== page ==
Mayor Thomas M. Menino

96, Inc. 


96 Inc. is nationally recognized for its support of new and established artists. An artists collaborative, it follows the principles of a one-room schoolhouse, bringing together participants with diverse skill levels, racial and cultural backgrounds, and life circumstances. The artists of 96 Inc. write, produce and perform original interactive plays, publish the bi-annual literary journal 96 Inc., and sponsor an annual Community Arts Day. 96 Inc. has formed a seamless partnership with Bridge Over Troubled Waters, a shelter for runaways and homeless people, providing social services.

Quality Instruction & Performance

Established writers, actors and visual artists focus on support and suggestions rather than criticism. Their process-oriented approach allows at-rick youth to discover their creative voices and results in the highest quality instruction and productions.

Literature and writing are at the core of all activities. This year’s theme, Revolutions and Barricades, encourages young playwrights to study history, explore the future, redefine revolution, and rethink barriers. Instruction includes transferable, marketable skills. Participants/writers learn all aspects of publishing, including material selection, copyediting, distribution, design and layout. At the Lansdowne Street Playhouse, where 96 Inc. is the resident company, participants/actors learn all aspects of staging a production by working as assistants to the director, lighting designers and stage managers.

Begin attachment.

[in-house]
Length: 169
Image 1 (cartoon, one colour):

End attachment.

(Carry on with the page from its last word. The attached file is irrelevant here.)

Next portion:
Program Design & Creative Content

All residents at Bridge are encouraged to take part in the year-long weekly workshops. The workshops are designed to discover the talent in everyone: The thinkers, the shy, the introverted, and the extroverted. Currently six volunteers (trained in art, education and often empathetic because of their own life experiences) teach writing skills and acting techniques to help homeless youngsters express fear, anger, hope and dreams.

Engaging Youth

Everyone is given the opportunity to serve on a committee and/or serve on the Board, present works for an audience, and fully participate in all aspects of program design, development and execution. 96 Inc. creatively engages participants by connecting the established and the beginner, the artist and the artisan, the young and the old.